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Fewer words, more deeds

Thursday, 7 May 2015


(by L'Osservatore Romano, Weekly ed. in English, n. 20, 15 May 2015)


To help distinguish true love from that false “soap opera love”, Pope Francis offered two criteria. The first is “concreteness, deeds and not words”, so as not to see God as far away, as agnostics do. The second is “communication”, for one who loves is never isolated. By following these two criteria, the Pope indicated, one experiences love as authentic joy. This was his reflection during Mass at Santa Marta on Thursday.

“The Lord asks us to abide in his love, in other words, to abide in the love that is his”, the Pontiff stated, in reference to the day’s passage from the Gospel according to John (15: 9-11). He followed with this key question: “What is that love?”. It is “the love of the Father”. Jesus himself assures us: “As the Father has loved me, so have I loved you”. It is, therefore, “the fullness of love: to abide in Jesus’ love”.

We need to “really understand this reality of true love, the Pope explained. Thus, he asked, “what is Jesus’ love like?” How do I know that I am experiencing true love?”. Francis indicated “two criteria that will help us distinguish true love” from false. The first is that “love must be established more in deeds than in words”. And the “second criterion” is understood in the fact that communication is truly a part of love: “love is communicated”. Only “with these two criteria can we find the true love of Jesus in deeds”, in deeds which are “concrete”.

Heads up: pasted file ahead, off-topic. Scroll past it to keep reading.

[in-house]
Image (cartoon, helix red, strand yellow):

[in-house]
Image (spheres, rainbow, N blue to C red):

Concreteness, therefore, is fundamental. The Pope emphasized that “we can watch a soap opera”, but “soap opera love is a fantasy. Yes, they are love stories, but they don’t involve us. They make our hearts beat a little, but nothing more”. On the other hand, Jesus admonished: “Those who say ‘Lord! Lord!’ will not enter the kingdom of heaven, but those who have done my Father’s will, who have kept my commandments, will abide in my love”.

These words lead us back to the “concreteness of Jesus’ love”. This love, Francis stated, “is concrete” and lies “in deeds, not in words”. Therefore, “when that young doctor of the law came to Jesus and asked Him: ‘Tell me Lord, which is the great commandment in the law?’, Jesus spoke the law as it was: ‘You shall love your God with all your heart and with all your soul, and your neighbour as yourself’”. At that point, the Pope continued, that young man “felt somewhat ill at ease and didn’t know how to escape that little embarrassment”. So, “as a way out, he asked the question: who is a neighbour?”. To explain this, “Jesus told the parable of the Good Samaritan”. And at the end He proposed to that young man: “Go and do the same”.

With this exhortation, Jesus demonstrates that “true love is concrete”, it lies “in works” and “is a constant love; it is not simple enthusiasm”. Yet “often it is also a painful love: let’s consider the love of Jesus bearing the cross”. In any case, “works of love are those that Jesus teaches us in the passage of St Matthew’s Chapter 25”. The words are clear and concrete, as if to say: “one who loves does this”. It is somewhat like the “judgement protocol: I was hungry, you gave me to eat, etc...”.